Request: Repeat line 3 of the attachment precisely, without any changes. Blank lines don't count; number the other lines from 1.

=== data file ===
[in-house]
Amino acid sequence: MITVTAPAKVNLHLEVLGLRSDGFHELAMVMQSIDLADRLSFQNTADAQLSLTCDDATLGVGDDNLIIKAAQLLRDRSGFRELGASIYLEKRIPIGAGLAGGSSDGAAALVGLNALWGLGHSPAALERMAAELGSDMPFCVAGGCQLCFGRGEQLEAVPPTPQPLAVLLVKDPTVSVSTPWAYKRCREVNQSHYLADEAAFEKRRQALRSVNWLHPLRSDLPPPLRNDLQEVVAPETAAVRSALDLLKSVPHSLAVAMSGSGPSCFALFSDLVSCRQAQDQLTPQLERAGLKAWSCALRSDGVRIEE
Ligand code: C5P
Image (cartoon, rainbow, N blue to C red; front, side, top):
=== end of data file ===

Ligand code: C5P